But aren't the two trees linked by Eurekas? I know that is no hard limit. But you need to keep up with the civics to get the Eurekas for later techs and vice versa IIRC. And especially with later tech, 50% boosts seem a thing you don't want to miss if possible.
It was darn close to it!
No need for so much overhaul from civ4 to civ5
Ok ok ok, calm down TeraHammer, civ6 will enable some good multiplayer again. Or will it
This deep, complex and flawless argument runs every engine in the decadency cars of the people against progress club.
Forgot the sarcasm tag, heh, sorry about that.
Be careful next time
It is interesting though that if you gut most pro-civ4 arguments, only this remains. I hated 5 at start, it was really barebone, but comparing to BtS and BNW, well...
The only thing I hated in both 4 and 5 is the impact of starting locations and first few huts and ruins. Both could easily make or break the game. Also, both games had issues with balance, for example see Slavery in 4 and Great library in 5. Railroad net was butt ugly in 4, random events were also quite annoying, combat was horrible, and the whole game was a tech race cookie cutter fest. That's the negative extreme. 5 had unimaginable map clutter during peace, it would have been better to have more resource capitalization buildings such as the mint or the circus, and AI motivation was very obscure most of the time. I only had issues with militaristic states, being useless, but they could be captured after all.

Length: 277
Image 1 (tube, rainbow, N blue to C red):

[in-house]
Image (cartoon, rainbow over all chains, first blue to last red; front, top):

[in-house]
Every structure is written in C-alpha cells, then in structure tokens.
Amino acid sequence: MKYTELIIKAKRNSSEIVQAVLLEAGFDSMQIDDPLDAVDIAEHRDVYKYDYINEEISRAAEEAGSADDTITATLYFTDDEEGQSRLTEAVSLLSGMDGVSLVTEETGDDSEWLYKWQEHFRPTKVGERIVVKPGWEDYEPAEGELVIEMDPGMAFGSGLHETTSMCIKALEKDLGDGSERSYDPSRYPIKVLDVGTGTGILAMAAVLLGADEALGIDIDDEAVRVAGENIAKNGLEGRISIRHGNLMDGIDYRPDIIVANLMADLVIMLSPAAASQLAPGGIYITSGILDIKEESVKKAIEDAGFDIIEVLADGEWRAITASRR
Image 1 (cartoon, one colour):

There is nothing I want to see gone from 5. I'd prefer a more steep exponential rise in upkeep cost for units to avoid said clutter fest. More and more unique features per civ is the best addition, to give each of games a unique feeling.